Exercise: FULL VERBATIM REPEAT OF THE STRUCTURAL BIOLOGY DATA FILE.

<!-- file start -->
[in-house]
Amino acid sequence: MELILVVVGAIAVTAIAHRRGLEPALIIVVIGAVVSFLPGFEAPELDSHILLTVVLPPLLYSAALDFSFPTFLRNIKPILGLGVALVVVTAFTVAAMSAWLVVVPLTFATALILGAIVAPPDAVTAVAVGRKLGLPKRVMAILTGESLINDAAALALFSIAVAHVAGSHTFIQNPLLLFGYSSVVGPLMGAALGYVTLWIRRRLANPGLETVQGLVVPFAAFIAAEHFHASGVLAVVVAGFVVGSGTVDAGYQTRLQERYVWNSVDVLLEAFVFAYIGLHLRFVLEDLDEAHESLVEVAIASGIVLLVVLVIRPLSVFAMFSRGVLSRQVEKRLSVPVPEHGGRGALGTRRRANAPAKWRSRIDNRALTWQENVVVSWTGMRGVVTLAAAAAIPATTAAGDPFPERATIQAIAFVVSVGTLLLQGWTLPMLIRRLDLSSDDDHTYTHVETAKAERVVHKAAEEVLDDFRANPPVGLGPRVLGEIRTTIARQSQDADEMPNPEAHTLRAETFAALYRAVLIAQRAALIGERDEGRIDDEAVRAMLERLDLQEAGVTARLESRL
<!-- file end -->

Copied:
[in-house]
Amino acid sequence: MELILVVVGAIAVTAIAHRRGLEPALIIVVIGAVVSFLPGFEAPELDSHILLTVVLPPLLYSAALDFSFPTFLRNIKPILGLGVALVVVTAFTVAAMSAWLVVVPLTFATALILGAIVAPPDAVTAVAVGRKLGLPKRVMAILTGESLINDAAALALFSIAVAHVAGSHTFIQNPLLLFGYSSVVGPLMGAALGYVTLWIRRRLANPGLETVQGLVVPFAAFIAAEHFHASGVLAVVVAGFVVGSGTVDAGYQTRLQERYVWNSVDVLLEAFVFAYIGLHLRFVLEDLDEAHESLVEVAIASGIVLLVVLVIRPLSVFAMFSRGVLSRQVEKRLSVPVPEHGGRGALGTRRRANAPAKWRSRIDNRALTWQENVVVSWTGMRGVVTLAAAAAIPATTAAGDPFPERATIQAIAFVVSVGTLLLQGWTLPMLIRRLDLSSDDDHTYTHVETAKAERVVHKAAEEVLDDFRANPPVGLGPRVLGEIRTTIARQSQDADEMPNPEAHTLRAETFAALYRAVLIAQRAALIGERDEGRIDDEAVRAMLERLDLQEAGVTARLESRL